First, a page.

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reformer
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Joined: 2007/6/25
Posts: 764


 Hebrews 6

Can anyone explain Hebrews 6? Why couldnt God leave someone if His patience runs out? I'm in a really dark and despair time. I Feel like the Man in the iron cage from pilgrims progress. I am starting to think God does leave a person after time. I wonder if this text in scripture has been miss interpreted for the sake of church.

 2016/9/27 6:59Profile
savannah
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Joined: 2008/10/30
Posts: 2057


 Re: Hebrews 6



Did you forget this!...from your profile signature...

"It is not your hold of Christ that saves you, but his hold of you!" Charles Spurgeon


Also,

"I was talking to God this morning. I gave Him over 100 reasons why He shouldn't love me. But I wasn't able to convince Him."

"He said", "I have loved you with an everlasting love;therefore I have continued my faithfulness to you."

 2016/9/27 7:05Profile
savannah
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Joined: 2008/10/30
Posts: 2057


 Re: Hebrews 6





Hebrews chapter 6 Verses 4-12

(4) For it is impossible for those who were once enlightened, and have tasted of the heavenly gift, and were made partakers of the Holy Ghost, (5) And have tasted the good word of God, and the powers of the world to come, (6) If they shall fall away, to renew them again unto repentance; seeing they crucify to themselves the Son of God afresh, and put him to an open shame. (7) For the earth which drinketh in the rain that cometh oft upon it, and bringeth forth herbs meet for them by whom it is dressed, receiveth blessing from God: (8) But that which beareth thorns and briars is rejected, and is nigh unto cursing; whose end is to be burned. (9) But, beloved, we are persuaded better things of you, and things that accompany salvation, though we thus speak. (10) For God is not unrighteous to forget your work and labor of love, which ye have showed toward his name, in that ye have ministered to the saints, and do minister. (11) And we desire that everyone of you do show the same diligence to the full assurance of hope unto the end: (12) That ye be not slothful, but followers of them who through faith and patience inherit the promises.

In the opening of this paragraph, we have those memorable verses of scripture, which, for want of due attention to divine teaching, by the perversion of some, and the mistaken apprehension of others, have given rise, to much anxiety, in weak minds, through the slenderness of their faith. There can be no doubt, but that God the Holy Ghost is drawing the portrait of finished hypocrites; for there is not a single feature, in the whole of what is represented, of those falling away, which belongs to a child of God. The persons here described, under such a flaming profession, never were in grace; and therefore impossible to have fallen from grace. They fell from a profession only, and as such, it became impossible to renew them again to repentance. As the subject in itself is so highly important, and as a right apprehension of the Lord's words, is so truly interesting to every regenerated child of God, and, especially, the weak in faith, I shall hope the Reader's indulgence, if I enter upon the whole of it, very particularly. For my own part, I am very fully convinced, that the passage, hath not one reference whatever to the Church of God: that the Lord the Holy Ghost is speaking of hypocrites, and the unregenerate only; and that the whole subject, if duly considered, is calculated more to comfort, than to distress the Lord's people. May God the Spirit, the blessed Author of his holy word, be our Teacher in it, and guide both Writer and Reader of this Poor Man's Commentary, into all truth.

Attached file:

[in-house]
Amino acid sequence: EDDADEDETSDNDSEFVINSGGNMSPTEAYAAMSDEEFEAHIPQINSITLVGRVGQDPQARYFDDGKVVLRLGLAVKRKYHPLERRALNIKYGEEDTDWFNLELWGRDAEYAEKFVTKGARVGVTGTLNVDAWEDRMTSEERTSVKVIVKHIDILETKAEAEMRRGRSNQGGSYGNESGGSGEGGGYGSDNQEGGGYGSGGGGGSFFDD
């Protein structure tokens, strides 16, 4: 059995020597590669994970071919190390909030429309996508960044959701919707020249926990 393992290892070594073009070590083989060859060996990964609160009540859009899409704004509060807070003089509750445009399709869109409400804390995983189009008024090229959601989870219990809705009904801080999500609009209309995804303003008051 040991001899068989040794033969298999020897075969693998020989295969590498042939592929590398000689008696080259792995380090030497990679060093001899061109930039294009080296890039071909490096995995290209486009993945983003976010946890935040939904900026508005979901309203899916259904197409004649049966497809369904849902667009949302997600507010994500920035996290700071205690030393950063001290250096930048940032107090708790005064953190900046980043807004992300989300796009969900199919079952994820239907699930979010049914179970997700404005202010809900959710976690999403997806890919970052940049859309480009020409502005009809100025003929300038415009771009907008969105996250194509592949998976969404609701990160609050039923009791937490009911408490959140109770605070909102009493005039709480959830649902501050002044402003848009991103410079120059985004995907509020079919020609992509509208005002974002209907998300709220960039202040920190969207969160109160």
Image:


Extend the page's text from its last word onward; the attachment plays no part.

And here I beg the Reader, again to remark, what I have so often observed to him, in the course of this little work; that God the Holy Ghost is writing this whole Epistle to the Church; to them who are the heirs of salvation. This is a great point always to have in view, and to keep in remembrance, as we prosecute every part of this Epistle. See Heb 1: Hebrews 1:2-3; Heb_1:9; Heb_1:14.